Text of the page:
Finally, Lithium Ion Batteries Get the Nobel Spotlight

Georgia Tech faculty hail the long-awaited recognition

October 10, 2019 | Atlanta, GA

The 2019 Nobel Prize in Chemistry “is a long-overdue recognition to three great scientists and to the electrochemistry research community.” That’s the reaction of Hailong Chen, an assistant professor of mechanical engineering at Georgia Tech to the announcement on Oct. 9. “They should’ve gotten the prize 10 years ago,” says Matthew McDowell, an assistant professor of mechanical engineering and materials science and engineering at Tech.

The three scientists who won the 2019 Nobel Prize in Chemistry are John Goodenough, Stanley Whittingham, and Akira Yoshino. “They each played key roles in discovering the materials and reactions that would eventually lead to the commercialization of lithium ion batteries,” McDowell says.

Goodenough is a professor in the University of Texas, Austin. Whittingham is a professor in Binghamton University, State University of New York. Yoshino is affiliated with the Asahi Kasei Corporation in Tokyo, Japan, and Meijo University in Nagoya, Japan.

The impact of lithium ion batteries cannot be overstated. Ordinary people rely on mobile power sources all the time. “With smart phones and mobile networks anywhere, anytime, we can read news, check emails, update Twitter and Facebook, pay bills, buy stuff,” Chen says. “Lithium ion batteries have enabled great conveniences, new business models, and job opportunities.”

“Lithium ion batteries enable effective use of renewable energy,” says Gleb Yushin, a professor of materials science and engineering. “They have become the key technology driving the shift from pollution-inducing combustion energy to the sustainable, clean-energy economy of the future.” The impact of the Nobel Prize winners’ work “is truly monumental.”

The Nobel Prize winners’ impact can also be measured “by the students, scholars, and entrepreneurs who have been inspired by their research,” says Faisal Alamgir, an associate professor of materials science and engineering. “These people – inspired by their work – will continue to solve the challenges of a green-energy transformation that the world needs.”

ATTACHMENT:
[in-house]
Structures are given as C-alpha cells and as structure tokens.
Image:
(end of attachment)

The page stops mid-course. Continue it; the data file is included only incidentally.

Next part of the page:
From Basic Science to Commercialization

What exactly are the contributions of each Nobel Prize winner? The following chronology is based on information from Chen and McDowell:

In 1976 while in ExxonMobil, Whittingham discovered the electrochemical mechanism that is the basis of lithium ion batteries. The mechanism – called intercalation – involved inserting and extracting lithium ions in a crystal framework of titanium and sulfur ions. The battery consisted of titanium disulfide as the cathode and lithium metal as the anode. Because lithium metal is unstable and the battery could not hold much total energy, the battery prototype was not commercialized.

In 1980, while he was a professor in the University of Oxford, Goodenough identified a promising material to replace titanium disulfide: lithium cobalt oxide. In 1982, Goodenough discovered another cathode material, lithium manganese oxide.  In 1997, now in Texas, Goodenough discovered yet another cathode material: lithium iron phosphate. All three are still in commercial lithium ion batteries today.